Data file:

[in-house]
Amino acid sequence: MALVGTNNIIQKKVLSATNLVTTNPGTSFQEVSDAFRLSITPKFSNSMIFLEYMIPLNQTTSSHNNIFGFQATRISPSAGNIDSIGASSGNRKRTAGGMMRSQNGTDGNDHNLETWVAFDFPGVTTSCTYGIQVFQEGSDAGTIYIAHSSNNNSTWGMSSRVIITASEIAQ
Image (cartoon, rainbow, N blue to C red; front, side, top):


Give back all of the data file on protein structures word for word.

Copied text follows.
[in-house]
Amino acid sequence: MALVGTNNIIQKKVLSATNLVTTNPGTSFQEVSDAFRLSITPKFSNSMIFLEYMIPLNQTTSSHNNIFGFQATRISPSAGNIDSIGASSGNRKRTAGGMMRSQNGTDGNDHNLETWVAFDFPGVTTSCTYGIQVFQEGSDAGTIYIAHSSNNNSTWGMSSRVIITASEIAQ
Image (cartoon, rainbow, N blue to C red; front, side, top):